After all this and several other service mishaps, it took the property’s general manager (a major luxury resort which included hundreds of rooms, time-share/hotel villas complex and 27 PGA-rated holes of golf) several phone calls, apologies, and actions to remedy the situation to reassure this guest that his business still mattered. With that size property, this GM probably had quite a few other things to do before this extensive service recovery job was added to his plate. If the initial manager had not used those two small irritating little words, ‘so’ and ‘if’, the initial mistake could have been easily addressed and this guest would have felt even better about his continued patronage and loyalty. Two little words triggered many GIANT mistakes.
According to Wikipedia, “A word is the smallest free form in a language.” Words may be small but they are also mighty. Since they are free form, hoteliers need to better understand how to guide their employees in making good linguistic choices. Management and the front-line will be on their way to exceptional service delivery when they better recognize words to use and words to lose.
Sometimes, one simple word can greatly set or alter expectations. A guest favorite which has multiple definitions is the word ‘shortly’. When calling on the phone and an automated voice answers, “we will be with you ‘shortly’, the caller usually goes into instant cringe mode. Shortly is that expression and expectation of time that has no definition. It’s almost like saying ‘tomorrow never comes’ Neither does shortly. Most guests would much rather have a response that states, “Your wait time will be 10 minutes” versus the dreaded ‘shortly’. It’s better to know the devil you know than the one you don’t. Someone with devilish qualities may have created the word ‘shortly’.
‘Shortly’ is also often used when requesting a service while in the hotel such as housekeeping, engineering or room service. “We will send someone up to your room shortly” Many guests have waited a LONG time in their rooms for ‘shortly’ to arrive. ‘Shortly’ should be added to each employee manual and orientation as a word NOT to use with guests. Giving more precise estimates that will set realistic expectations provides guests with more freedom of choice in whether they should wait or not and allows them to feel more in control of their vacation or business experience.
Words like Please, Thank you, My pleasure are the obvious words that guests love to hear and most employees know to use. However, linguistic love can come from choosing some of the less obvious words to use as well. Words and phrases that calm soothe and diffuse guests can be powerful tools in any employee’s service toolbox. When a guest hears ‘definitely’, ‘Certainly’, ‘absolutely’ and surely’ from any employee in response to their request, exceptional service delivery is underway and the guest responds immediately with positive vibes. Employees go from zero to hero when they utter these can-do words and inspire a feeling of empowerment for both the guest and the employee.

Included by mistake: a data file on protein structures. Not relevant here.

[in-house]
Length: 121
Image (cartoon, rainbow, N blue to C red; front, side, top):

Hoteliers and their teams may want to add wordsmith as a job responsibility for all personnel and provide guidelines and training sessions on the words and phrases that will lead to exceptional service experiences and those that will not. Consider the following to achieve a more positive effect or reaction from guests:
- Slang, jargon, company terms and technical language are on the “do not use” list.”
- Speak words in the best ways that guests will understand. Common, generic words that are clearly spoken and simple in meaning lead to a more professional and positive outcome.
- Use words that reflect a can–do attitude versus a cannot–do action. Examples of Cannot-do words: but, whatever and even however. Examples of can-do words: Yes, Surely, We will…
- Be wary of words that imply objections or disbelief of the guest.
- Set expectations properly with words that are realistic for the situation at hand. Be specific whenever possible (stay away from ‘shortly’.
- Reflect professionalism in all language used and don’t risk sending the wrong message.
- Avoid overused words and make sure all communications are sincere and unique to the situation at hand.
Words can help communication or they can start an argument. Be sensitive to the words that will enhance your guests’ senses and stay away from those that don’t. Language leads to human thought and humans think of the best language to communicate with each other. Make sure your hospitality humans speak the language of service and use their words wisely.